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Duo laid foundation for team, themselves

Published December 12, 2006


Plant High football coach Bob Weiner gathered his team on the final day of practice two years ago and allowed each senior to speak.

Two of the seniors, Walner Leandre and Donte Spires, spoke of team and gratitude, and thanked the players for helping them move forward.

"I remember trying to be a leader and give motivation to the team," Spires said. "We tried to set a path for the next generation."

Today, Weiner says Leandre and Spires set that path. Although the Panthers posted a losing record of 3-7 in 2004, Weiner said those speeches and the duo helped catapult Plant to this year's Class 4A state title.

"I always told them we were building on the shoulders of giants," Weiner said. "They helped put this thing together."

They also put their own lives together.

As Plant knocked off Ponte Vedra Beach Nease in Miami for the state title Saturday, Leandre and Spires capped off junior college careers playing against each other in a national championship game in Mount Pleasant, Texas.

Leandre suited up at safety for Blinn College of Brenham, Texas. Spires started at linebacker for Pearl River Community College of Poplarville, Miss.

Both former Panthers entered the game as junior college All-Americans and did little to hurt their reputations. Blinn came out on top 19-6, but when you consider how far Leandre and Spires had come, both walked off as winners.

Leandre's name was synonymous with trouble when he started at Plant. In his junior year, he was suspended from the team. Weiner took over the program the next year and offered Leandre a clean slate. Underneath all the discipline problems, Weiner discovered, was a young man still troubled by the death of his mother when he was 11.

"Whenever I needed to talk about it, his office was open," Leandre said. "Coach Weiner put me on the right path. I started going to class, and I wasn't getting in trouble anymore."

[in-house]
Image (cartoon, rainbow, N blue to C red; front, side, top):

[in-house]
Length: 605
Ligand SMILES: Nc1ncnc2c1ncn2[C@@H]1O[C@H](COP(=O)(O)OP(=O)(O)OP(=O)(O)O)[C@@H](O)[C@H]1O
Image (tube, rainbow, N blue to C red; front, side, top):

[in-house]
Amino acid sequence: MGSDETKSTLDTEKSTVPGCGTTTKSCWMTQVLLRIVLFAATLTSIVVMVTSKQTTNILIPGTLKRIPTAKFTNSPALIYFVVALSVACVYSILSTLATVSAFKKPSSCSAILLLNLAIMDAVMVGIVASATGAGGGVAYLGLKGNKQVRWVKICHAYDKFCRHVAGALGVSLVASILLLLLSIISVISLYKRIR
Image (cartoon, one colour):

Not only did Leandre shine on the football field, but Plant honored him as the turnaround student of the year.

Spires never gave his teachers headaches, but still endured a life of challenges. His mother died when he was 4, and the grandmother who was raising him died while he was in middle school. He eventually settled with an aunt.

Still, Spires had to balance schoolwork with football and a job as an assistant manager at McDonald's. He stayed on the right path. Now, like Leandre, he is looking forward to playing at a four-year university.

Susan Gray, an intervention specialist at Plant, took an interest in both students. Spires has become like family to her and her husband, Stanley, and they still keep in contact with Leandre. On Saturday, the Grays flew to see the two friends play each other.

"Walner is the ultimate 'before and after' story," said Susan Gray, who has two pictures in her office of Leandre, one of him receiving the turnaround award. "Donte is more a story of perseverance and not letting your circumstances get you down."

The Grays have played a role in boosting Leandre and Spires, and Susan Gray is quick to credit Weiner for opening up a path to college for the two players. What these two don't realize, however, is they've done more for the people who helped them by doing one thing: succeeding.

That's all I'm saying.

Ernest Hooper can be reached at

[Last modified December 12, 2006, 01:09:57]

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